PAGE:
For Moses and the Israelites, the fourth commandment was clear that they were to rest on the Sabbath day. If there was any confusion to this rule, the manna which God provided six days a week did not appear on the seventh day. By Jesus’ day the Jewish leaders had taken this rule and made it legalistic, losing the spirit of it. Today we have adopted the day of rest as a day of worship. Most Christian denominations no longer worship on the seventh day but on the first day of the week in recognition of Jesus’ resurrection. Although it doesn’t say it in the commandments, worship and rest have been closely linked for a long time.
These first four commands focus on our love for God which Jesus identified as the greatest commandment. The last six concern our love for others which is the second greatest commandment.
The fifth commandment tells us to honor our parents. This is the single most important relationship that we have with others. The family is something that God created in the very beginning. It isn’t a man made institution unlike other relationships that we may have.
The idea of honoring our parents is pretty straightforward. It doesn’t mean that we will always agree with our parents or do what they want us to do. As we become adults we must make our own decisions that may not please our parents. At the same time we must remain respectful of them even if we disagree.
There is one time when we may not honor our parents however. Luke 14:26 states, “If anyone comes to me and does not hate his father and mother, his wife and children, his brothers and sisters—yes, even his own life—he cannot be my disciple. “
Jesus does not mean hate in the way that we think of hate. What He means is that sometimes we must make a decision between honoring family and honoring God. When that time comes, we must honor God above family. If you’re a Muslim who chooses to follow the Lord, this verse is very pertinent because you can’t honor your father and mother and follow Jesus. Just like in the order of the Ten Commandments, God comes first.
The sixth commandment is against murdering. Once again, this is pretty straight forward on its surface and it’s an idea that is accepted pretty much universally. Jesus, however, made it clear that murder is not just about our actions. We also murder people with our words whenever we attempt to cut them down. We can murder people with our attitudes when we dehumanize them and make them into anything less than someone who was created in the image of God.
Commandment number seven is against adultery. We know what adultery is but Jesus made it clear that even lustful thoughts towards one who isn’t our spouse is adultery. Guys obviously have a bad but well earned reputation for lust. Part of this is because we are visual creatures who are stimulated by our senses. But the truth is that lust is not strictly a burning desire that causes us to think of sex. Lust is longing for anything that is to be fulfilled within a marriage and wishing it to be fulfilled outside of marriage.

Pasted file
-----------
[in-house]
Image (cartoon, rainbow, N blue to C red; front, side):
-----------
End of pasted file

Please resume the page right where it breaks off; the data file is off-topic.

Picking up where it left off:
We think of lust and adultery in terms of sex because these are the most concrete ways of thinking. But we also have emotional needs that are fulfilled within a marriage relationship. Going to another to have those emotional needs fulfilled or longing to have those needs fulfilled is adultery as well, it just isn’t the physical form.
There have been numerous studies that have shown people who cheat on their spouses usually don’t do so starting out by looking for someone younger or better looking. Instead the relationship begins on the emotional side as they are seeking someone to talk to or get sympathy that they may not get at home. Even though we concretely think of adultery as sex, the issue is much more than that.
Number eight is that we shouldn’t steal. We know that stealing is taking something that doesn’t belong to us. Most people would never walk into a store and put something in their pocket and then walk out. But we justify not paying for things that we’ve received in other ways. The grocery store may not have charged us for an item and we don’t bring it to someone’s attention. We justify it by the fact that it wasn’t our fault and the store is still making plenty of money.
We may steal from our employer by our attitude towards work. We’re paid for eight hours of work but an hour each day may be spent chatting with coworkers about television and sending non-work related emails. Anytime we receive something that we didn’t pay for or earn – and the intention wasn’t to give it to us for free – we steal.
Commandment nine tells us not to lie. I’m not going to spend much time on this one because I probably don’t have much to add to what you’ve likely heard before. We all know the difference between the truth and a lie. Lies also come about when the whole truth is not given, when it is misrepresented, or when it was omitted. A lie is anything that we say that is an attempt at deception or a prevention of the whole truth coming out.
What I won’t get into are little white lies and things of that nature. We all know that the age old question “Does this dress make me look fat?” is a trap. It is not a question that wants an honest answer and certainly no man has been dumb enough to say, “No dear, the dress is fine, it’s your butt that makes you look fat.”
The tenth and final command is do not covet. I believe that this command is last because it is the beginning of a lot of sins. Why do people steal? Because they want something that someone else has. Why does adultery occur? Because someone has coveted another person who is not their spouse. You can break any of the other Ten Commandments because you first coveted something that wasn’t yours.
This is obviously a very brief breakdown of the Ten Commandments. I believe that our goal should not be to legalistically try to follow these commands because we can’t. That’s actually the point that the Jewish leaders never grasped and it is why they were in conflict with Jesus so much. This covenant is one that couldn’t be kept. A new covenant was needed and Jesus came to put it into effect.